Kolko, Beth E. ACM SIGCHI (1999). Articles>Collaboration>Online

594.
#27657

Online Communities for User Assistance Professionals

Online communities have become a very valuable source of assistance for answering questions unique to our industry. This article provides an introduction to online communities and describes how to access a few of the most useful sites.

Martin, Chuck. WritersUA (2004). Articles>Collaboration>Community Building>Help

595.
#23166

Online Education Horror Stories Worthy of Halloween: A Short List of Problems and Solutions in Online Instruction   (PDF)   (peer-reviewed)

This article examines many surprising problems that arise in the process of distance education using the Internet and describes ways in which instructors and administrators can solve these problems. The information in the article is based largely on the experience of educators at Utah State University who have been exploring distance education for the past six years by teaching a wide range of online courses via the Internet. As a result of this varied online teaching, we have encountered a broad spectrum of challenges to which we have tried to respond and from which we have tried to learn. The solutions described are generalizable to other programs using online delivery for instruction.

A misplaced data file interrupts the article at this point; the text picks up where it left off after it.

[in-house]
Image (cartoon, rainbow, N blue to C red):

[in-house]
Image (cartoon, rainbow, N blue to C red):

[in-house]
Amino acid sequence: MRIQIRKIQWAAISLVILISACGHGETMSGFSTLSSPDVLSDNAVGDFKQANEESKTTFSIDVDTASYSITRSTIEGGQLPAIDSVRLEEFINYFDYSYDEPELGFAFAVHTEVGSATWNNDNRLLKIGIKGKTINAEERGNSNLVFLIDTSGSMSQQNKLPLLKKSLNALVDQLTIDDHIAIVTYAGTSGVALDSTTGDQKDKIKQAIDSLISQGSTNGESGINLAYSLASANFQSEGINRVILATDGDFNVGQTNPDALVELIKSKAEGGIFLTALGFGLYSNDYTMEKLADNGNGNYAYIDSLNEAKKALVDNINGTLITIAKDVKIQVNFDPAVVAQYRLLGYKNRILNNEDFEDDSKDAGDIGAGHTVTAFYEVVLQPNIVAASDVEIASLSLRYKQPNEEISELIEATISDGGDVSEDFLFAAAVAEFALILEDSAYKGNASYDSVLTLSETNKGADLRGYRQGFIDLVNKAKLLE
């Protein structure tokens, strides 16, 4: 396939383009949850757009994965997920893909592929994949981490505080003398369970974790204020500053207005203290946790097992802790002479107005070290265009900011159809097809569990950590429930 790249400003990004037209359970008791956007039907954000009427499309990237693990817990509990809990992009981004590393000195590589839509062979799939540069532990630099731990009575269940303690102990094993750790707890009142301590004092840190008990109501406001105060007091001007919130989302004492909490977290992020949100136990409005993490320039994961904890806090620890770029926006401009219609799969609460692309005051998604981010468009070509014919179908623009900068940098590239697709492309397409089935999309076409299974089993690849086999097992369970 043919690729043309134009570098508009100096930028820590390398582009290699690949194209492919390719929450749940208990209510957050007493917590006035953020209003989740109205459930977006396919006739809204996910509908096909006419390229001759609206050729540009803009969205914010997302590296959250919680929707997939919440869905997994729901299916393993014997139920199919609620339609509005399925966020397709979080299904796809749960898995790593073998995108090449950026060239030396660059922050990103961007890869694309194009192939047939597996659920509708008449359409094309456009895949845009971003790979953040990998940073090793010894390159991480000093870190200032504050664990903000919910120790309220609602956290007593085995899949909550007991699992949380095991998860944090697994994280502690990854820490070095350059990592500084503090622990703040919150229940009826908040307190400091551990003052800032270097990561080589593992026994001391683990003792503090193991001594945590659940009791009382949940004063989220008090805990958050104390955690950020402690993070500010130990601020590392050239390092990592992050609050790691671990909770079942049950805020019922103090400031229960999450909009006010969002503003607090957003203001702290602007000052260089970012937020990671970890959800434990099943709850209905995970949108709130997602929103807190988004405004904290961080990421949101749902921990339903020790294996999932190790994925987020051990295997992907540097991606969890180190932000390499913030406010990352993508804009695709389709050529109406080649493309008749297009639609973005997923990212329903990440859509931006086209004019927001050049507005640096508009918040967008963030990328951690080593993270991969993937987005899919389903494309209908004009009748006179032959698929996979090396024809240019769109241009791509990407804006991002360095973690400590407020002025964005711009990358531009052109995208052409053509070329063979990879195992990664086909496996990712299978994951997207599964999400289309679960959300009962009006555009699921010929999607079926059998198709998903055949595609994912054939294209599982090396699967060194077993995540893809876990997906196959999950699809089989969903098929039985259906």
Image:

Hailey, David E., Keith Grant-Davie, Christine A. Hult. Computers and Composition (2001). Articles>Education>Online>Collaboration

596.
#21154

The Open Company Manifesto

Users can improve information flow. They can create robust markets, and they can help fix the problems that a company faces. This can happen at an astonishing speed. If the gateway is open, and the company allows users access, those users will quickly tell the company what they are doing wrong. When users are invited to wallow in the information flow, they will crack the company into shape.

Rhodes, John S. WebWord (1999). Articles>Management>Collaboration

597.
#29523

Open Source For Technical Writing Teams

A presentation introducting how to support technical documentation teams with open-source tools.

SlideShare (2007). Presentations>Collaboration>Technical Writing>Open Source

598.
#29405

"Open Source" is not a Marketing Term

Open source software development is not just about providing the source code for your application. It is much more about building a community around a shared project. That takes time. I think the biggest myth about open source software is that you say 'hey, I'm open source now' and suddenly thousands of qualified people give up nights and weekends to work on your code.